Robertson said, however, that recently city accountants had "concerns" about how the allotted funds were being spent. The internal accountants approached Robertson, who turned to City Attorney Jason Holleman. The two men discussed the issue with Chambers last Tuesday, but Chambers continued to work on the census "since we were wrapping the whole thing up."
On Friday of last week, after meeting with the accountants, a team of auditors called in to inspect the numbers, interim Mt. Juliet Police Chief James Hambrick, and incoming MJPD Chief Andy Garrett, Robertson said they had enough verification to confront Chambers about the missing money.
"We had sufficient evidence to warrant a continued investigation, and that’s what this is – a continuing investigation," Robertson said.
Chambers made a full restitution for taking the money. He said he would invoice members of his family, himself and other people, then deposit the money into his checking account. He said that due to mounting medical bills due to his wife’s health and the death of his mother, who owed the IRS around $15,000, he simply could not make ends meet.
"I’d never dealt with the IRS before," Chambers said, "and they scared me to death."
Chambers added that combining long hours working on the census with his position as GIS director for the City, he was mentally exhausted and not thinking rationally. He said he "made a human mistake instead of going to God with my problems and praying about them."
"I got into a very stressful situation as many people do, but that doesn’t make it right," Chambers said. "I honestly have been a decent person all my life, and I made a huge mistake in a weak moment."
Chambers said he was being paid for the extra hours of working on the census by getting compensation time, or time off work, but that "comp time didn’t pay my bills."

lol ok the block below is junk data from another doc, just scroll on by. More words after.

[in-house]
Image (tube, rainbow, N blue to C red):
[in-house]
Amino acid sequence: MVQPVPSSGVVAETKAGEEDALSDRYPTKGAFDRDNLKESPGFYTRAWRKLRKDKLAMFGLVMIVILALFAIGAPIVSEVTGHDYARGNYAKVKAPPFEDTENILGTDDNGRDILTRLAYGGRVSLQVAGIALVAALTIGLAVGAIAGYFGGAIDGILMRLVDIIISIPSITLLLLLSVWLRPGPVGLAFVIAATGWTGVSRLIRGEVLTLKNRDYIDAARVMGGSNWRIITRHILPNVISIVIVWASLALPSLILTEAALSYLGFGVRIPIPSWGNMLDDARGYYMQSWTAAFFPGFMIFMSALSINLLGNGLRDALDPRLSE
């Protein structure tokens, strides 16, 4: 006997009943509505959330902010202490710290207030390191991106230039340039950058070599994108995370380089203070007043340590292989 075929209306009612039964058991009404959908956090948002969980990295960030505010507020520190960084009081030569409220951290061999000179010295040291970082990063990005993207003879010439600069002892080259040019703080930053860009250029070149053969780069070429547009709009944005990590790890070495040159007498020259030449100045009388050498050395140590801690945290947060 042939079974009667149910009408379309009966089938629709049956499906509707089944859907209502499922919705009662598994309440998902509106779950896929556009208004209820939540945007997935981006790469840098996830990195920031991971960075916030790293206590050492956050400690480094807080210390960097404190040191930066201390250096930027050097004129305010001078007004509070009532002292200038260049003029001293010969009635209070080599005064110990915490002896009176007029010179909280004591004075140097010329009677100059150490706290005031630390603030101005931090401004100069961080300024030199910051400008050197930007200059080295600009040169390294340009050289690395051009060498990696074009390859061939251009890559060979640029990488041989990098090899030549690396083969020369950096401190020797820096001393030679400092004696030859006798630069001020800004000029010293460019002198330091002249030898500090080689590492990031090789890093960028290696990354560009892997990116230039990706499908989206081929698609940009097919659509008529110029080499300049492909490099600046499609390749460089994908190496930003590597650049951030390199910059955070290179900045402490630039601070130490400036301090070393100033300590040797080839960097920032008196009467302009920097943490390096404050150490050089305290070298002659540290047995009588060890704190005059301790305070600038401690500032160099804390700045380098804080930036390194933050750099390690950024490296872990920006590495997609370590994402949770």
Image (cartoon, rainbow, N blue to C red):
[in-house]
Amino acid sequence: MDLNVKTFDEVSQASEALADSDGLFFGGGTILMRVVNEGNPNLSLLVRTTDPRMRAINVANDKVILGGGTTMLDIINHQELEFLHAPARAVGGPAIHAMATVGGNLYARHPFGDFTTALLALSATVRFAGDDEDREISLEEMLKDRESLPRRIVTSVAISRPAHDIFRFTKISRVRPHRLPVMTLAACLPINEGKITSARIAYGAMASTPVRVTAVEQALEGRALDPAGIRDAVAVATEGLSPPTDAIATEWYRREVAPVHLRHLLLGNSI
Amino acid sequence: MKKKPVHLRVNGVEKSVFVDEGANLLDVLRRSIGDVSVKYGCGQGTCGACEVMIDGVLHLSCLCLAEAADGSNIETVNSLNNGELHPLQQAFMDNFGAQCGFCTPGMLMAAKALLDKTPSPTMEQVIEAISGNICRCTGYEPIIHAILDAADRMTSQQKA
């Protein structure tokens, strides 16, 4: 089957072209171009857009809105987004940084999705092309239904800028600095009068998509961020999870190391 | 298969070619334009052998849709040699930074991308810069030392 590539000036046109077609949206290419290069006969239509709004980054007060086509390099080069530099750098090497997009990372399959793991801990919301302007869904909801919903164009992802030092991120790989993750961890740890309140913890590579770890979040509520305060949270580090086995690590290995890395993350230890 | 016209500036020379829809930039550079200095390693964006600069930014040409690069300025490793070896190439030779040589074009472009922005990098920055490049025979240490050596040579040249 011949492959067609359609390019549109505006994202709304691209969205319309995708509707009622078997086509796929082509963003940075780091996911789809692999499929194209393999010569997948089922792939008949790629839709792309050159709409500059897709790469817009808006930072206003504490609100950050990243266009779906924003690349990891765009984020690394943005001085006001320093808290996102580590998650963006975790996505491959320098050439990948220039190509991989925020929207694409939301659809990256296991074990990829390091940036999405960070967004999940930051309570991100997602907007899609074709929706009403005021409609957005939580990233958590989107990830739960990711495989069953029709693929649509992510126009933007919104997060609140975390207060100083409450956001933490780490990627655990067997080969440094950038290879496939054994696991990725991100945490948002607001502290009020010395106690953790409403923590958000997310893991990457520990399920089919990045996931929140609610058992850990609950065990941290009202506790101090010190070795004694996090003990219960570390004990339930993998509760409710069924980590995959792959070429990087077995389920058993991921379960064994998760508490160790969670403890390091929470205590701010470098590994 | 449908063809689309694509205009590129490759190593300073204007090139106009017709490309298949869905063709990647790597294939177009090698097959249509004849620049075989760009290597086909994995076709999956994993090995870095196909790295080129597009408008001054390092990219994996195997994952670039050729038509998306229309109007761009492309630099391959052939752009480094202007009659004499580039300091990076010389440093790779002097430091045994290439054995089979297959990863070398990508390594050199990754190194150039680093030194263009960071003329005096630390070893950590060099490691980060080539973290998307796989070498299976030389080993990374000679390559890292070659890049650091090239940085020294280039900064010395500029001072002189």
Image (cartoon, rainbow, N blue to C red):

"I tried to get myself paid for what I was doing, and that was wrong," he admitted. "The biggest thing I understand is that when you make a mistake you should come clean and try to make it right. That’s what the Bible says, and that’s what I’m trying to do."
Robertson said that a person in Chambers’ position paying himself "is not an uncommon practice" in City Hall, and that Chambers could have done so legally for an amount up to $600 without having to claim the income on his taxes. He said that if Chambers had discussed being compensated up front with officials, he could have made even more than $600.
"He could have paid himself to some extent, but he paid himself too much and took some liberties he shouldn’t have," Robertson said. "He was caught almost instantaneously."
Robertson insisted that "the census data is clean" and does not believe will be affected by Chambers’ "mistake."
"I think if anything, this will add another layer of scrutiny to it," Robertson commented.
The city manager also said that Chambers took a "voice detector test," or lie detector test, and that police felt positive about the results in that Chambers told the truth about what he did.
"When you’re telling the truth there’s nothing to hide," Chambers said.
Robertson said the Tennessee Bureau of Investigation (TBI) as well as District Attorney Tommy Thompson have been alerted to the situation but are leaving it up to the MJPD to conduct the investigation at this time. Criminal charges against Chambers are possible, but Robertson declined to comment since it is still and ongoing investigation.
"We are all saddened," Robertson said, "that this has happened, that Mike won’t be here anymore, and about the whole process."
Chambers expressed disappointment in himself, often tearing up during the press conference held Tuesday. He said he has turned to his church family, asked for forgiveness from everyone, and especially worries about how his mistake will affect his family.
"The biggest worry I have is for my kids and my wife," Chambers said softly. "They don’t need to be drug through this because of my mistake and weakness."
Robertson said he was pleased that Chambers made the restitution, and that "every single dime he paid himself has been returned."
"I’m pleased that he’s taking the steps to get through this," Robertson said. "It’s going to be a long tough road, but maybe, at some point, he can consider this an opportunity for something different for him and his family."
David Haffner, a friend of Chambers’ and a member of his church, sat by the man’s side and offered the support of himself and their church.
"He’s got the right heart and the right spirit," said Haffner. "We’re standing by him."
Chambers, visibly distraught, said that he has "disappointed innocent people and that’s what kills me."
"I’m like Mr. Squeaky Clean," he said, "and that just goes to show that anything can happen to anybody. The devil attacks when you’re on a roll, or weak, or scared. I was all of those things."